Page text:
There is also a photograph of the bike taken in the 1990s, an original Matchless G80 promotional brochure and a number of technical diagrams.

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The Condition


The Matchless is being sold very much as a project, as it is in a partially dismantled state and has suffered significantly from the effects of damp. The deterioration to the paint and brightwork will be apparent from the photographs, but so far as we can tell the frame is in good order. 

We have no reason to suppose that the petrol tank’s deterioration is anything more than cosmetic, although we cannot make any guarantees. The aluminium mudguards and the seat do not appear to have suffered much, if at all.

There is, of course, an opportunity to complete an ‘Oily Rag’ restoration retaining the bike’s patina, although Mr. Russell was evidently of the mind that it should be returned to looking like new, as he has elected to replace some of the parts in which the deterioration was more advanced with new or good old-stock items. For instance, he appears to have already replaced the rear wheel and shock absorbers and there is a new headlamp bowl waiting to be unpacked.

Bidders will naturally have reservations about whether the dismantled bike is complete. As it was a complete bike three or four years ago, and Mr. Russell was an earnest and careful enthusiast, we do not envisage that anything important will have become separated from it.

The Mechanics


While the bike obviously will not run while the engine is partially dismantled, we are advised that Mr. Russell did succeed in getting it running again before he passed away. 

However, a running engine does not necessarily equate to a ridable bike, and we cannot make any guarantees about the gearbox or final drive.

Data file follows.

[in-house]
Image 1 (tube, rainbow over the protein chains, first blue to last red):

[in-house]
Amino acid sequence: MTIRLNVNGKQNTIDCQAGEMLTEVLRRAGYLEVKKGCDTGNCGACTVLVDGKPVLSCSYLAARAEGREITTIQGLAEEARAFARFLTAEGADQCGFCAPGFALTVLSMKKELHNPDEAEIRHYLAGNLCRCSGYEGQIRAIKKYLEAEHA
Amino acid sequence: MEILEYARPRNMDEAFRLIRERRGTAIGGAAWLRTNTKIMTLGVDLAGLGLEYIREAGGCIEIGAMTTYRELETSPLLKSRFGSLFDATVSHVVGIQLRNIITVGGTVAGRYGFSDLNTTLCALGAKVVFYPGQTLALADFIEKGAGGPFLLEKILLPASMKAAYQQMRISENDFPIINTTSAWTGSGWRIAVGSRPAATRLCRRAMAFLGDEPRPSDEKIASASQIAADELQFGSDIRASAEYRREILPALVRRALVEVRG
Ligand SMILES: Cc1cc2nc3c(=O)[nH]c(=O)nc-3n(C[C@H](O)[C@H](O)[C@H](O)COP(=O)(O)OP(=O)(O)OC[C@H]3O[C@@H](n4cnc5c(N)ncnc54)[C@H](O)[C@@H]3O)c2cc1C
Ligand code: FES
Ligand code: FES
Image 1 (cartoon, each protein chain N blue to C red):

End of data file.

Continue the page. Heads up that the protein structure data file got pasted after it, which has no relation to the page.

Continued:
While we have every reason to believe all the necessary parts are present, some cogs have quite severe corrosion and may not be reusable; it may still be necessary to source or manufacture some new mechanical parts.

Major mechanical or electrical parts which are present, but not fitted, include the chain, the right-hand brake lever, four indicators, a spare carburettor, two exhaust silencers and what would appear to be the original rear shock absorbers and rear wheel, although the items presently fitted are in better condition.

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The Appeal


The Matchless G80 is an interesting product from a time when there wasn’t much of a British motorcycle industry to speak of, but there was plenty of nostalgia for one. 

Les Harris’s valiant effort to let Matchless have one last hurrah is as interesting today as any ‘true’ Matchless from the AMC days, and of course the 1980s G80 has the advantage of being modern enough to use every day, should you so wish.

Of course, this example is some way off being used just yet, but it will make a rewarding project for someone who fancies a rare, practical and attractive modern British classic.

It should be an ideal winter project for the experienced restorer, although its restoration should also be feasible for the novice who doesn’t mind seeking occasional specialist help.




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Vehicle specification
  • Year 1987
  • Make Matchless
  • Model G80
  • Colour Black
  • Odometer 17,964 Miles
  • Engine size 500
  • Location Sussex
  • Country United Kingdom
Bidding history
2 bids
  • Lucien1•••• £200 01/12/21
  • ruffef £100 30/11/21